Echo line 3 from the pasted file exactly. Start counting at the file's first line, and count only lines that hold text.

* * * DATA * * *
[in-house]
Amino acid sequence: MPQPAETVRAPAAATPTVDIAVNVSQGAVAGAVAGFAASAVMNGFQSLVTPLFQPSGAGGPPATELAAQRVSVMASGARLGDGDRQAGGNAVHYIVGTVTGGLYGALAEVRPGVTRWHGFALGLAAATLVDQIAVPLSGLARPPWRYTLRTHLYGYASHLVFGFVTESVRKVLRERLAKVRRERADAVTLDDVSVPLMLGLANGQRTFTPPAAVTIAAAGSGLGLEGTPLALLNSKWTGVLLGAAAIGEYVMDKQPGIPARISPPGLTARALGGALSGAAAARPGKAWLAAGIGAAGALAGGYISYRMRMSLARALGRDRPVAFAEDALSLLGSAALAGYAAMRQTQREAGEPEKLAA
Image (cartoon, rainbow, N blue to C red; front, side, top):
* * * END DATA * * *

Image (cartoon, rainbow, N blue to C red; front, side, top):